THE STATE PARTY'S SUBMISSION ON ADMISSIBILITY AND MERITS

4.1 On 17 May 2007, the State party commented on the admissibility and merits of the communication. It submits that the communication is inadmissible for: non-exhaustion of domestic remedies; ratione temporis; an abuse of the right of submission; and incompatibility ratione materiae. As to non-exhaustion, it submits that the author never raised any of this claims before the competent authorities. It assumes that the confiscation of the property in question is alleged to have taken place under Presidential Decree No. 12/1945, which entered into force on 23 June 1945. However, as the Covenant did not enter into force until 23 March 1976, it submits that the communication is ratione temporis.

4.2 The State party invokes to the jurisprudence [[FN6] of the Committee by arguing that the submission of the communication is an abuse of the right of submission. The author's initial letter to the Committee was dated 4 January 2002, i.e. 9 years after the Optional Protocol entered into force, which is an unacceptable length of time to wait before addressing the Committee. It also submits that the right to property is not guaranteed under the Covenant, let alone its recovery and that the communication is thus, inadmissible ratione materiae with the provisions of the Covenant.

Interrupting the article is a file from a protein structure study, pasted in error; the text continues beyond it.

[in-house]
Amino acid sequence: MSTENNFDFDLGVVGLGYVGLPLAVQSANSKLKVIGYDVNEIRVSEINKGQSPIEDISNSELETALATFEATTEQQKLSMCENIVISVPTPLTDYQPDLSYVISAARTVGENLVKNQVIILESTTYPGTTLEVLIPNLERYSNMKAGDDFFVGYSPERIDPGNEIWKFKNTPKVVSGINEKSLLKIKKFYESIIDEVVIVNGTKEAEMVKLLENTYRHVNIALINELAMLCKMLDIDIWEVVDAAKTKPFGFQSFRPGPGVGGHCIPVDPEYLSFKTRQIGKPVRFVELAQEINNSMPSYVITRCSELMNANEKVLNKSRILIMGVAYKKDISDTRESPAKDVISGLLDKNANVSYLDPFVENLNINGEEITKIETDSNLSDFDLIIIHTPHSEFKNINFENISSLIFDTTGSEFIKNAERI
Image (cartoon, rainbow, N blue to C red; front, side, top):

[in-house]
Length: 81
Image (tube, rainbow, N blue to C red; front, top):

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[FN6] Communication No. 787/1997, Gobin v. Mauritius, decision of 16 July 2001, para. 6.3.
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4.3 On the merits, the State party submits that the communication is "ill-founded", as the will upon which the author is alleged to have become the owner of the property was made on 9 March 1956. Given that the property is alleged to have been confiscated in 1945, it claims that he could not have become the rightful owner of the property. It also submits that said will was invalid ab initio, as according to section 535 of the then Civil Code, only an individual testator could have made such a disposition. Two individuals could not have made a will jointly as occurred in this case.

THE AUTHORS' COMMENTS